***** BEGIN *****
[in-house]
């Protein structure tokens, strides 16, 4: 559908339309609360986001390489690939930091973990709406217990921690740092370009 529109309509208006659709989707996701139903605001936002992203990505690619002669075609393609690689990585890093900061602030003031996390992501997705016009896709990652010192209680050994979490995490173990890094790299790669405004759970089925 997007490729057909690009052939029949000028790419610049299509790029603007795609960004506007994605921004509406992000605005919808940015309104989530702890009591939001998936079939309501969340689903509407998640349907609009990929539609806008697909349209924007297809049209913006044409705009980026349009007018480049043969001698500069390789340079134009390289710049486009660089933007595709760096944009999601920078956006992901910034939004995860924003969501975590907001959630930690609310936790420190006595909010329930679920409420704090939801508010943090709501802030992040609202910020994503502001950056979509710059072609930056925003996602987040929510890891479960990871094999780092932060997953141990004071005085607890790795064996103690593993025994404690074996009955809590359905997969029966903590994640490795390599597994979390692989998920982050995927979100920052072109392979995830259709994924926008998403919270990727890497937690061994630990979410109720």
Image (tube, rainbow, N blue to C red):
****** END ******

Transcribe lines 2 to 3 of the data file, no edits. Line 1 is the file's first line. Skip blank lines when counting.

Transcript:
């Protein structure tokens, strides 16, 4: 559908339309609360986001390489690939930091973990709406217990921690740092370009 529109309509208006659709989707996701139903605001936002992203990505690619002669075609393609690689990585890093900061602030003031996390992501997705016009896709990652010192209680050994979490995490173990890094790299790669405004759970089925 997007490729057909690009052939029949000028790419610049299509790029603007795609960004506007994605921004509406992000605005919808940015309104989530702890009591939001998936079939309501969340689903509407998640349907609009990929539609806008697909349209924007297809049209913006044409705009980026349009007018480049043969001698500069390789340079134009390289710049486009660089933007595709760096944009999601920078956006992901910034939004995860924003969501975590907001959630930690609310936790420190006595909010329930679920409420704090939801508010943090709501802030992040609202910020994503502001950056979509710059072609930056925003996602987040929510890891479960990871094999780092932060997953141990004071005085607890790795064996103690593993025994404690074996009955809590359905997969029966903590994640490795390599597994979390692989998920982050995927979100920052072109392979995830259709994924926008998403919270990727890497937690061994630990979410109720």
Image (tube, rainbow, N blue to C red):